This short thematic paper summarises the key findings of the study visit.
Endorsing the OECD’s Action Plan for Youth at the OECD’s annual Ministerial Meeting in Paris in May 2013, ministers underlined the need to focus attention on the most disadvantaged youth.
English, PDF, 311kb
Newsletter on regional development for autumn 2013.
English, PDF, 722kb
OECD Ministers at their meeting in May 2013 agreed to take a comprehensive range of measures as set out in the OECD Action Plan for Youth. The first objective of these measures is to tackle the current situation of high youth unemployment and underemployment. The second objective is to produce better outcomes for youth in the longer run by equipping them with relevant skills and removing barriers to their employment.
This book focuses on the role of employment and training agencies in contributing to job creation and productivity in Northern Ireland. It explores how Northern Ireland is implementing labour market and skills policy and putting measures in place at the local level to stimulate quality employment, inclusion and growth.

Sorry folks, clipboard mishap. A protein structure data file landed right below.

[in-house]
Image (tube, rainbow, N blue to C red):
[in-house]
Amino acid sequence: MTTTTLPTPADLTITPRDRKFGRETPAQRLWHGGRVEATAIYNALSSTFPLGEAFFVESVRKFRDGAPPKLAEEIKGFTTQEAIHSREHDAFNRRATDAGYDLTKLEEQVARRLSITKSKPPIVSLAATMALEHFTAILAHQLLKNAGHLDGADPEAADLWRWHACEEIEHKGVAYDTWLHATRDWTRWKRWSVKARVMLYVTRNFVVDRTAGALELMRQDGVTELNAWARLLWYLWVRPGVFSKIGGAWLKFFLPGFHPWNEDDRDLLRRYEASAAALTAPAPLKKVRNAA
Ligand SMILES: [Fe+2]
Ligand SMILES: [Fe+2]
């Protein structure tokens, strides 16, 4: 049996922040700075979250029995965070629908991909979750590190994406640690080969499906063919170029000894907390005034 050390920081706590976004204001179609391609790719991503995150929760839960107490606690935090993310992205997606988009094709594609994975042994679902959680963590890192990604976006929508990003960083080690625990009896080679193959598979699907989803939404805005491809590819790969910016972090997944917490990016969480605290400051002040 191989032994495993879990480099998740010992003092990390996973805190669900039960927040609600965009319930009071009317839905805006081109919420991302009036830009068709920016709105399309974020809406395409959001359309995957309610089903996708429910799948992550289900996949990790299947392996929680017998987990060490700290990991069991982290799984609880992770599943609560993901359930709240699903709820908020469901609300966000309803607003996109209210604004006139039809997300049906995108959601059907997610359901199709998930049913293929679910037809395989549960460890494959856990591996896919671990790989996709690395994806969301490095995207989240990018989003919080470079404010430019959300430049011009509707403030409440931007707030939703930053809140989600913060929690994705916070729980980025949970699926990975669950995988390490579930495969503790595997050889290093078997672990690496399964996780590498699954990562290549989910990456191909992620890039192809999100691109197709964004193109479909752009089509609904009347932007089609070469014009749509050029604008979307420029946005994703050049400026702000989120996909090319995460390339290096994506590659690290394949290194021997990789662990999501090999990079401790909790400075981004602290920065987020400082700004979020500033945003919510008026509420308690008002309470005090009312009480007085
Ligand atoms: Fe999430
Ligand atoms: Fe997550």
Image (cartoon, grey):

English, PDF, 1,624kb
Many factors put people at risk of long-term unemployment, including poverty and social exclusion, poor basic skills levels, discrimination, cultural distance from the mainstream labour market and poor local social capital. At the local level a holistic approach can help tackle such issues, with direct interventions in the fields of education and employment complementing wider actions to build social cohesion and community capacity.
English, PDF, 1,283kb
Many areas like Manisa suffer from a local lack of sophisticated demand in terms of expressed SME requirements. This leaves considerable scope for demand and supply side initiatives set within KOSGEB’s framework that will assist in shaping intervention and promoting a coherent approach to SME development.
Water shortages and floods illustrate the risks posed by too little, or too much, water. By 2050 more than 40% of the world’s population will live under severe water stress and nearly 20% could be exposed to floods.
Climate change combined with rapid population increases, economic growth and land subsidence could lead to a more than 9-fold increase in the global risk of floods in large port cities between now and 2050.
OECD conferences on urban, rural and regional development in OECD member countries.